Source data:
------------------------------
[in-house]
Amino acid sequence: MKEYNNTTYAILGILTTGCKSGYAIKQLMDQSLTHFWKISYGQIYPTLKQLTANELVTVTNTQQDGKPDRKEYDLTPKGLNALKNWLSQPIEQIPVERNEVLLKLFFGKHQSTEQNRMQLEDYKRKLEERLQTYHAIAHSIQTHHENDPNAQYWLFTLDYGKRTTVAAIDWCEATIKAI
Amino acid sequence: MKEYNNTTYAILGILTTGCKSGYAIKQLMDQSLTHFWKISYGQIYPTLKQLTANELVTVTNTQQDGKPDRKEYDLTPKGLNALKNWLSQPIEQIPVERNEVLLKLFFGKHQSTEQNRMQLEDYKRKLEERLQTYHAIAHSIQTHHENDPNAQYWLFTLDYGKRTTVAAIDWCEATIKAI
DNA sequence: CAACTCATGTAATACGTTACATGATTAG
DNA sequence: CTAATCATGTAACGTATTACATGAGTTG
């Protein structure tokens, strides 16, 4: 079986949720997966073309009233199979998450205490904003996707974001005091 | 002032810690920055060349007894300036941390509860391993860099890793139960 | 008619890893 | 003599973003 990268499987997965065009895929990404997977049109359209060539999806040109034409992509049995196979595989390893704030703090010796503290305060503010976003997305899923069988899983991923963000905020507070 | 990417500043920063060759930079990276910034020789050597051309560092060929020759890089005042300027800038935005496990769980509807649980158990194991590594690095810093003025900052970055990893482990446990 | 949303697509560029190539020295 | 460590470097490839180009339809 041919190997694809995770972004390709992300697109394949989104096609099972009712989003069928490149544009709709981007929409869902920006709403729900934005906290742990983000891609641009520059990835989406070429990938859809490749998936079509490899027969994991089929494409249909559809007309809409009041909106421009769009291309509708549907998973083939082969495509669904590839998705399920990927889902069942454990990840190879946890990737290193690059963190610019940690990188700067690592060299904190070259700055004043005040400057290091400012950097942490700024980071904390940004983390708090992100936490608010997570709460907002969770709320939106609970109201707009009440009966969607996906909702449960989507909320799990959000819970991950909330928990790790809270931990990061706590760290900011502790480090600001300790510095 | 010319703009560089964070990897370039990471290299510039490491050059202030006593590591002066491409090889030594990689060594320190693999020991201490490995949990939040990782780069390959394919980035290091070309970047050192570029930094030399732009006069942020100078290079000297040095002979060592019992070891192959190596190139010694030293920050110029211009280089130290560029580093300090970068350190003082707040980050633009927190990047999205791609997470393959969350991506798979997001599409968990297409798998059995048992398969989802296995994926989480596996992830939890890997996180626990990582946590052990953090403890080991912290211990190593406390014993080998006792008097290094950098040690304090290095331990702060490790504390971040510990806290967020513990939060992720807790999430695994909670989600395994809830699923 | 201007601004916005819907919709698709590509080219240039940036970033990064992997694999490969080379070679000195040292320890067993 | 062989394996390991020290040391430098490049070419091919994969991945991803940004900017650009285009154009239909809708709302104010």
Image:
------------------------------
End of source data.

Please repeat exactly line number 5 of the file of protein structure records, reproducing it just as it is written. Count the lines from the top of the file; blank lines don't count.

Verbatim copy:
DNA sequence: CTAATCATGTAACGTATTACATGAGTTG